Hi Huaimo,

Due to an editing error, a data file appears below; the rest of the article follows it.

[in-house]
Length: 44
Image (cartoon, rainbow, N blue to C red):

> The way in which the flooding topology converges in the centralized > mode/solution is different from > that in the distributed mode/solution. In the former, after receiving the > link states for the failures, > the leader computes a new flooding topology and floods it to every other > node, which receives > and installs the new flooding topology. The working load on every non leader > node is light. It has more > processing power for a procedure/method for fault tolerance to failures. > However, in the latter, every node computes and installs a new flooding > topology after receiving > the link states for the failures. It has less processing power for a > procedure/method for fault tolerance. > It is better to let each of the two modes use its own procedure/method for > fault tolerance to failures, > which is more appropriate to it. It’s true that a distributed solution will call more on an average node than a centralized solution will. However, that is not the steady state for either. In the steady state, the flooding topology has been computed and has been put in place already. Thus, the impact of the topology computation at the time of the topology change is nil. In addition, the amount of work to temporarily amend the flooding topology should also be minimal, and by that, I mean O(log n). The decision should only be whether or not to temporarily add a link to flooding, and the only information that a node needs to do that is to determine if the node is already on the flooding topology. That should be a lookup in a tree that represents the nodes on the topology, and that lookup should be O(log n). In other words, it’s fast and efficient and not a significant drain on resources. > In the centralized solution/mode, scheduling an algorithm to compute flooding > topology happens > only on the leader, and then on the backup leader after the leader fails. The > parameters for > scheduling on the leader may be different from those for scheduling on the > backup leader. > However, in the distributed solution/mode, scheduling an algorithm to compute > flooding topology > occurs on every node. The parameters for scheduling on all the nodes need to > be the same. Actually, that’s not true. An implementation is free to do its own internal scheduling however it chooses, regardless of whether it implements a distributed or centralized implementation. > The procedure for achieving this is specific to the distributed mode/solution. More accurately, it is specific to a given implementation. > If every particular algorithm for computing flooding topology in the > distributed solution/mode > describes a procedure for scheduling in details itself, there will be > duplicated descriptions of > the same procedure in multiple algorithms, one of which is selected to > compute flooding > topology on every node. It is better for the same scheduling procedure for > multiple algorithms > to be described in one document. Actually, since the IETF should not be specifying the details of scheduling as it is an implementation detail, as they do not affect the behavior of the protocol, it should not be discussed in any documents. Regards, Tony

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